Spousal support, also known as alimony, is money a court can order one party to pay to the other party. In a broad sense, spousal support is based on the needs of one party versus the other party’s ability to pay. Decisions whether a person is to receive spousal support, how long any support must be paid, and the amount of any support, are based on a variety of factors which the court must examine.

 

REQUEST A CONSULTATION

If you would like our assistance with a family law matter, please request a consultation and we will send you a Questionnaire. If you bring the completed Questionnaire with you to the appointment, with any requested attachments, a consultation is free up to one hour.  At that time, we will review your Questionnaire, answer your questions, and give you a brief overview of the process.  If you engage us, we will ask you to sign an Engagement Agreement and pay a retainer (which can vary from $1,000 to several thousand dollars) against which we will bill expenses and our time on an hourly basis, in one-tenth of an hour (6 minute) increments. You may be asked to replenish this retainer from time to time as fees are earned. If the matter is concluded without us earning all money then on deposit we will promptly refund any excess. We will accept a Visa or MasterCard but we assess a 2% surcharge when doing so. We would consider it an honor to help you.

 

 

 

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Thank you for visiting our website.

The attorneys of Ball Corley PLLC proudly serve the entire State of Arkansas with respect to:  Estate Planning (wills, trusts, powers of attorney, HIPAA authorizations, living wills and visitation directives); Elder Law (Medicaid, veterans administration pension and long term care planning); Probate; Trust and Estate Administration; Guardianships; Family Law (adoption, divorce and separation, child custody and visitation, support obligations, post-decree modification and paternity); Premarital Agreements; Collaborative Law; Mediation; LGBT Laws; and Real Estate Transactions.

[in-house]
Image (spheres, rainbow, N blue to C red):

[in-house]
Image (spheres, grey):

Notice and Disclaimer: This Ball Corley PLLC website is intended only to give general information which we believe may be helpful; it is not intended to be advertising or a solicitation, or to provide legal advice. If our website includes any links to other sites they are for information only and should not be interpreted as an endorsement. Although we try to keep the information on our website current it may not always reflect the latest laws, decisions or dollar amounts. And, the general rules provided may not apply to your specific situation; for every general rule there are multiple exceptions to that rule. Therefore, we strongly recommend that you consult with us or another qualified licensed attorney rather than taking any action in reliance on any information contained in this website. Neither your visit to our website, nor your phone call or email to our office, will create an attorney-client relationship with Ball Corley PLLC or its attorneys; such a relationship can be established only by our written agreement to represent you.

If you contact us via phone or email, please do not disclose any information which you deem to be confidential. Only after we have agreed to represent you are we governed by Rule 1.6 of the Arkansas Rules of Professional Conduct regarding Confidentiality of Information. That Rule requires that we hold in strict confidence any and all confidential information revealed to us by our clients, subject only to certain narrow exceptions (such as to confer with your CPA, investment advisor or another professional). We are also bound by Rule 1.18 and other Rules of Professional Conduct.

You may print or reproduce materials found on this website in their entirety, without any modification, for your personal and/or educational use only if you include this Notice and Disclaimer in such reproduction.